Lesson 1. Intro to DRY code

Intro to Writing Loops in Python - Earth analytics bootcamp course module

Welcome to the first lesson in the Intro to Writing Loops in Python module. This tutorial walks you through implementing a key strategy for writing DRY (i.e. Do Not Repeat Yourself) code in Python: loops.

In this lesson, you will learn about the DRY (i.e. Do Not Repeat Yourself) principle as well as strategies to write DRY code in order to eliminate repetition and improve the efficiency of your code.

Learning Objectives

After completing this lesson, you will be able to:

  • Be able to define the DRY principle
  • List key strategies for writing DRY code in Python
  • Explain how these strategies help you write DRY code

Don’t Repeat Yourself: Remove Repetition in Your Code

Why Write Efficient Code

In the first week of class, you learned about reproducibility. One component of reproducibility is writing code that is easy to read.

If your code is easier to read, it will be easier for your future self to understand. It will also be easier for your colleagues to work with and contribute to your code. This is important, but there is an even more selfish reason to consider writing efficient code.

Efficient coding will make your life easier, too.

Reproducibility is actually all about being as lazy as possible! – Hadley Wickham (via Twitter, 2015-05-03)

Don’t Repeat Yourself - DRY

DRY (Don’t Repeat Yourself) is a principle of software development. The focus of DRY is to avoid repetition of information.


One main reason is that when you write code that performs the same tasks over and over again, any modification of one task requires the same change to be made to every single instance of that task! Editing every instance of a task is a lot of work.

By implementing DRY code strategies, you can make your code:

  1. easier to follow and read (for yourself as well as others), thereby supporting reproducibility
  2. easier to update because you only have to update your code once, rather than every that code block is used

Strategies For Writing DRY Code

While there are many strategies for trying to improve efficiency and remove repetition in code, three commonly used strategies are loops, conditional statements, and functions, all of which you will learn about in this course.


A loop is a sequence of operations that are performed over and over in some specified order.

Loops can help you to eliminate repetition in code by replacing duplicate lines of code with an iteration, meaning that you can iteratively execute the same code line or block until it reaches an end point specified by you.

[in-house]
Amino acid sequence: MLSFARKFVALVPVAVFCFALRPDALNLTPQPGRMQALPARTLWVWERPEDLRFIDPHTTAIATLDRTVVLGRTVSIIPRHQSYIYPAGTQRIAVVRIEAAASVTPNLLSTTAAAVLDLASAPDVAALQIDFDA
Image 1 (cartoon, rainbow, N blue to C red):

For example, the following lines could be replaced by a loop that iterates over a list of variable names and executes the print() function until it reaches the end of the list:


You can create lists of variables, filenames, or other objects like data structures upon which you want to execute the same code. These lists can then be used as variables in loops.

In today’s lessons, you will write learn how to iterate code using loops in Python.

Conditional Statements

A conditional statement is used to determine whether a certain condition exists before code is executed. Conditional Statements can help improve the efficiency of your code by providing you with the ability to control the flow of your code, such as when or how code is executed.

For example, conditional statements can be used to check that a certain variable or file exists before code is executed, or to continue code if some criteria is met such as a calculation resulting in a specific value.

In the example below, the following lines could be replaced with a conditional statement that the variable name must contain the word precip, in which case the code would only execute on avg_monthly_precip and precip_2002_2013.


In upcoming lessons, you learn how to write and use conditional statements in Python.


A function is organized block of code that is reusable and performs a specific task. Functions can help you to both eliminate repetition and improve efficiency in your code through modularity.

Writing modular code allows you to subdivide tasks of a workflows into organized units of code that can be reused by yourself and others, often without them needing to know the specific details of the code.

In this course, you have used many functions already, such as the previous example print(), to produce output. You have also used functions that require input parameters, such as the read.csv() function to import data into a pandas dataframe.

In both of these examples, you have generally sense of what the function is doing because you know what input parameters are required and what output you will receive.

However, you do not need to know the specific lines of code that read.csv() is executing in the background for you to use it to import your CSV files into a pandas dataframe.

In upcoming lessons, you learn how to write your own functions in Python.

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